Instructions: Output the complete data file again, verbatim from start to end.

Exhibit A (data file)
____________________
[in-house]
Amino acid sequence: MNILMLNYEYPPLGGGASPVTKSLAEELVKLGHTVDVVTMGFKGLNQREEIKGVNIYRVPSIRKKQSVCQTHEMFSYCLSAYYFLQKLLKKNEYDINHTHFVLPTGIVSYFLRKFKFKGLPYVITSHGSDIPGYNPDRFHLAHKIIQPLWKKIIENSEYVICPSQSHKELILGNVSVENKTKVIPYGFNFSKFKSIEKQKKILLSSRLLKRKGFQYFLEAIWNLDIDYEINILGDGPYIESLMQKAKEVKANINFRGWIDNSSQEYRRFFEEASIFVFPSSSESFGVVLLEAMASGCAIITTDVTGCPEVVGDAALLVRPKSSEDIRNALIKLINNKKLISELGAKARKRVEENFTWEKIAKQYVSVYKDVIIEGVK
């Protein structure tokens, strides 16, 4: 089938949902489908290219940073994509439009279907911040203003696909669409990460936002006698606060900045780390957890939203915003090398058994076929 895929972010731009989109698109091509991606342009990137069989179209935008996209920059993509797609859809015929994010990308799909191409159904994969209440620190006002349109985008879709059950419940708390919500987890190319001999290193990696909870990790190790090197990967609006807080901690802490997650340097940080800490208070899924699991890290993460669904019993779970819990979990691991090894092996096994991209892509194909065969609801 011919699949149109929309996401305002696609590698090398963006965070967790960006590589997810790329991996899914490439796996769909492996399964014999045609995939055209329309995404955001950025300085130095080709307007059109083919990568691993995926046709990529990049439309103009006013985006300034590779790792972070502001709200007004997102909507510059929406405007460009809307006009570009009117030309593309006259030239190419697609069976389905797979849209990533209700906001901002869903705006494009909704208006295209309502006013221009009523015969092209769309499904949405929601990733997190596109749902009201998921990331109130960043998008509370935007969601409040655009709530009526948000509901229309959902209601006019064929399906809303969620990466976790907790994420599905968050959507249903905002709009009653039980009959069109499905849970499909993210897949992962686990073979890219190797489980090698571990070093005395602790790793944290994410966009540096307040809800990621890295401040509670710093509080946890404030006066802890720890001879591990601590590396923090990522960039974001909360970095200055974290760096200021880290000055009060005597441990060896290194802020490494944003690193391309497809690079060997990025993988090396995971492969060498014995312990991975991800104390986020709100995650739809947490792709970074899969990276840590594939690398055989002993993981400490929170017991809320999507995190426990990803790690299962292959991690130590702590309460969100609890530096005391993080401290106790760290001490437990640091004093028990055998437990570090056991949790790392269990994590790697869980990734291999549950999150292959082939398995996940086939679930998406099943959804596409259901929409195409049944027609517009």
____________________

[in-house]
Amino acid sequence: MNILMLNYEYPPLGGGASPVTKSLAEELVKLGHTVDVVTMGFKGLNQREEIKGVNIYRVPSIRKKQSVCQTHEMFSYCLSAYYFLQKLLKKNEYDINHTHFVLPTGIVSYFLRKFKFKGLPYVITSHGSDIPGYNPDRFHLAHKIIQPLWKKIIENSEYVICPSQSHKELILGNVSVENKTKVIPYGFNFSKFKSIEKQKKILLSSRLLKRKGFQYFLEAIWNLDIDYEINILGDGPYIESLMQKAKEVKANINFRGWIDNSSQEYRRFFEEASIFVFPSSSESFGVVLLEAMASGCAIITTDVTGCPEVVGDAALLVRPKSSEDIRNALIKLINNKKLISELGAKARKRVEENFTWEKIAKQYVSVYKDVIIEGVK
């Protein structure tokens, strides 16, 4: 089938949902489908290219940073994509439009279907911040203003696909669409990460936002006698606060900045780390957890939203915003090398058994076929 895929972010731009989109698109091509991606342009990137069989179209935008996209920059993509797609859809015929994010990308799909191409159904994969209440620190006002349109985008879709059950419940708390919500987890190319001999290193990696909870990790190790090197990967609006807080901690802490997650340097940080800490208070899924699991890290993460669904019993779970819990979990691991090894092996096994991209892509194909065969609801 011919699949149109929309996401305002696609590698090398963006965070967790960006590589997810790329991996899914490439796996769909492996399964014999045609995939055209329309995404955001950025300085130095080709307007059109083919990568691993995926046709990529990049439309103009006013985006300034590779790792972070502001709200007004997102909507510059929406405007460009809307006009570009009117030309593309006259030239190419697609069976389905797979849209990533209700906001901002869903705006494009909704208006295209309502006013221009009523015969092209769309499904949405929601990733997190596109749902009201998921990331109130960043998008509370935007969601409040655009709530009526948000509901229309959902209601006019064929399906809303969620990466976790907790994420599905968050959507249903905002709009009653039980009959069109499905849970499909993210897949992962686990073979890219190797489980090698571990070093005395602790790793944290994410966009540096307040809800990621890295401040509670710093509080946890404030006066802890720890001879591990601590590396923090990522960039974001909360970095200055974290760096200021880290000055009060005597441990060896290194802020490494944003690193391309497809690079060997990025993988090396995971492969060498014995312990991975991800104390986020709100995650739809947490792709970074899969990276840590594939690398055989002993993981400490929170017991809320999507995190426990990803790690299962292959991690130590702590309460969100609890530096005391993080401290106790760290001490437990640091004093028990055998437990570090056991949790790392269990994590790697869980990734291999549950999150292959082939398995996940086939679930998406099943959804596409259901929409195409049944027609517009």